Vincent, David I Am Morbid (Book Review)

Review Date: May 2020
Released:  2020/Jawbone
Rating:  4/5
Review: JP

Autobiographies by extreme Metal musicians are quite rare but as more and more ‘extreme’ bands age, we are seeing more of these types of autobiographies being published.   David Vincent’s first book is, I believe, the first autobiography by an old-school Death Metal musician. A handful of thrashers have written one and Adam Darski from Behemoth wrote one, Fernando from Moonspell wrote one, but this is a first!

I AM MORBID is published by the good folks at Jawbone press and they also do a good job.  It is a standard paperback, good quality paper, nicely designed and laid-out.  Along for the ride is their practically in-house metal mogul, Joel McIver as the not–so-ghost writer.   This  272 page book is a little on the short side, quite a bit of white space but it does come with about three dozen photos on glossy plates in the middle.   An astrophysicist does the foreword (I’m not joking) and there is a solid discography as well.  It is the complete package with an eye-catching cover maybe reminiscent of the infamous picture of Richard ‘Nightstalker’ Ramirez captured in court in 1984, flashing his pentagram tattoo on his hand.

I AM MORBID presents itself slightly differently than most autobiographies, it comes across as a bit of a, dare I say it, book on philosophy combined with your standard chronological autobiography.  He avoids the conventional sex, drugs and rock and roll template although there are quite a few good stories of life on the road. He comes across as a private person, willing to share his philosophies quite freely, but short on details about his personal life.

Vincent claims that this is not your common rags to riches story, but it really is…the average kid growing up becomes a rock star of one of, if not the biggest Death Metal bands on the planet, the first to be signed to a major label, but anger issues and addictions lead him to a self-imposed exile working as a cab driver.  He paints a brave picture like he planned the whole thing but it follows a pretty common pattern of rags to riches and back again.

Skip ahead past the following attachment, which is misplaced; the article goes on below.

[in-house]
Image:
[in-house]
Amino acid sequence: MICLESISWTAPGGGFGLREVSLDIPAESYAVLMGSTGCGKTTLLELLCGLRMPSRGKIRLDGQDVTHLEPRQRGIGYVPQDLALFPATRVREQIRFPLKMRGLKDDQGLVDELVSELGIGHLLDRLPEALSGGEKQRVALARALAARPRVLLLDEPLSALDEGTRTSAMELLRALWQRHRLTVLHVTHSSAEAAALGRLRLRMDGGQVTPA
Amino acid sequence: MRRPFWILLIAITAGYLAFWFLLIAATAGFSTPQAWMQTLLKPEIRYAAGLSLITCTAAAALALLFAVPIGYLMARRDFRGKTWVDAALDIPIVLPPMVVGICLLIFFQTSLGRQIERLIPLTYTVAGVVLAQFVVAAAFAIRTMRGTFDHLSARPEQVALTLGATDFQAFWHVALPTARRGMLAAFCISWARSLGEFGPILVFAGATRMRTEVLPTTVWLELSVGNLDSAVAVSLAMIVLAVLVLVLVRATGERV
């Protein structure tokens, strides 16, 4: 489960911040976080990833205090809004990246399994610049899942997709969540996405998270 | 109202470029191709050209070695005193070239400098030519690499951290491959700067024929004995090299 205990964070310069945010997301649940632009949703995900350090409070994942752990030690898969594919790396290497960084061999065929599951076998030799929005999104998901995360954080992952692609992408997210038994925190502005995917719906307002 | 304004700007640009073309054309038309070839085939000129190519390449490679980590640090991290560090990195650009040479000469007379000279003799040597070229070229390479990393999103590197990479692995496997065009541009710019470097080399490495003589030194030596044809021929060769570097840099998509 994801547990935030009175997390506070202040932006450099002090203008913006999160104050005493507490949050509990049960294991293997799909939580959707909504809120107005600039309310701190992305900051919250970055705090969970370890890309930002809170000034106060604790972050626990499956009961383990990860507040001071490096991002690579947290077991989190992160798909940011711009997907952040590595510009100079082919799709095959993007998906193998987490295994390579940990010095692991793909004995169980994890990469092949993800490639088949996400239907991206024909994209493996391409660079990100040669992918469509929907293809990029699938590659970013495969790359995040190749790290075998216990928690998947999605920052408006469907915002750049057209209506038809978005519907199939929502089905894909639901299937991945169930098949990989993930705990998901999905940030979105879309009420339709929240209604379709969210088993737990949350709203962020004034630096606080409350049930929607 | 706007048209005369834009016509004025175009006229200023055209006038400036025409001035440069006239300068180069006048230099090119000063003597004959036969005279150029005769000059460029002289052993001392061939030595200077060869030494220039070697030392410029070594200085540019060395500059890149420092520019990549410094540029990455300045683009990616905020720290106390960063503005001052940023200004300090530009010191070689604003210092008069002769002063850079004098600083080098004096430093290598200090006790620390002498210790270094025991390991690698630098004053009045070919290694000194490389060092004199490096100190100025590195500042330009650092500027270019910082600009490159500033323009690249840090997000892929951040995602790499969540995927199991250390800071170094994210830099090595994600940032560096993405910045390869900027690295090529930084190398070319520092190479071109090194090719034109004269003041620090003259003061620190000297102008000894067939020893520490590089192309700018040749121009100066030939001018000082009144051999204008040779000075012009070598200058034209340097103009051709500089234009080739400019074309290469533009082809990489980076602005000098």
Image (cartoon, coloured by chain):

Vincent is a deep thinker, maybe too much for his own good because at times he comes across as mildly arrogant and detached at the same time but I do not think that is his intent.  From his words we learn he is confident enough to do follow his own left hand path and do things like an outlaw country project, despite what the Death Metal community might say or think.   One aspect I liked is that he takes many early Morbid Angel songs and explains the lyrics of each and the sentiment behind each.  That was a nice touch.  So many autobiographies of musicians, don’t talk about music!  HE also talk a bit about his gear and technique as well.

It took me a bit to wrap my head around I AM MORBID.  Vincent is an intriguing character, no doubt and one full of contradictions…but aren’t we all?  On page 236 he says,  ‘There is so much music that I hear today where the vocals sound like a lawnmower.”,  and then few pages later he says he is really open-minded and doesn’t want to sound like an old man who complains.  He seems to have forgotten that the music HE made in the mid-80’s was considered extreme unlistenable garbage by many older people.

In the end he finishes strong with some brief thoughts on a variety of topics, religion, the environment, politics, and the general state of mankind.  He is certainly not an optimist but most certainly a realist, which is pretty refreshing.  He suggests that a virus could all wipe us out at a moment’s notice and that struck me as pretty prophetic as I read this book in self-imposed isolation during the global pandemic of 2020.  I think anyone, whether they are a Morbid Angel fan or not, would easily enjoy this book because there is enough extra intelligence, thought and care put into it to make it stand out from the pack.

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